What keeps Toyota's CEO up at night may sound familiar to any businessperson
I never realized it until today, but I have something in common with Toyota Motor North America’s CEO, Jim Lentz. At least I did when I was still involved in selling goods for a Japanese company in the U.S.. In an interview published this week by Toyota’s PR group, Lentz was asked “What keeps him up at night.” The simple answer? Forecasting.
The more complicated answer to what keeps Toyota’s N. America operations CEO up is what cars to build given that the price of oil drives the demand for various vehicle types (in part). As we explained recently, Toyota is presently the number one retailer of automobiles in the U.S. This is due to a number of factors, but one thing is for sure, if Toyota had focused on sedans (like Cadillac did) or electric vehicles (like BMW did) its sales would not be where they are today. Toyota predicted that buyers would want crossovers and small trucks before the demand exploded. Toyota then invested billions to update the RAV4, max-out production of the Tacoma and create the Lexus NX-series as an entirely new premium crossover. And meanwhile had the guts to keep building hybrids.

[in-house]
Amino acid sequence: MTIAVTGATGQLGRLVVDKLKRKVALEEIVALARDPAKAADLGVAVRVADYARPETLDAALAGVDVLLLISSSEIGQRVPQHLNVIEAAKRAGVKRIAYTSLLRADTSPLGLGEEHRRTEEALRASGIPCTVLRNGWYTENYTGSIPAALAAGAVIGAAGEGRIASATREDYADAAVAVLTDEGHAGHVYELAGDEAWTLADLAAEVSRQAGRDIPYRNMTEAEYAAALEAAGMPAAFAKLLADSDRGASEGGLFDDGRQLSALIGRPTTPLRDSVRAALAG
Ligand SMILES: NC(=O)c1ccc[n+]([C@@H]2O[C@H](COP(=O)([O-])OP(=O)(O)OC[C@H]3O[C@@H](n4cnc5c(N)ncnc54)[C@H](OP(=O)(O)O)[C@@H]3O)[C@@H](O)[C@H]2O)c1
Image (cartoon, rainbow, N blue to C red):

Answering the question about what keeps him up at night in full, Mr. Lentz said:
“Today it’s the price of oil, for a lot of different reasons. Obviously, it’s difficult for us to forecast demand – on trucks and SUVs especially – not knowing exactly where it’s going to fall out. But probably the more difficult part about that is it may mask trends in the marketplace that we can’t see because of it.” He went on to add, “The biggest segment in the marketplace for years and years has been midsize passenger cars. Now because of the tremendous growth of small SUVs, small SUVs are. So what’s causing that? Is it the price of gas? Some might think that. But when you look at small SUVs and midsize cars, the vehicles are about the same size today. They’re about the same price. They actually get about the same mileage. They have the same creature comforts. So today we’ve got to figure out for the future, when gas normalizes, are people going to move back to passenger cars or are they going to stay in small SUVs?”
So the hardest thing about running the largest branch of the largest car company on Earth is forecasting.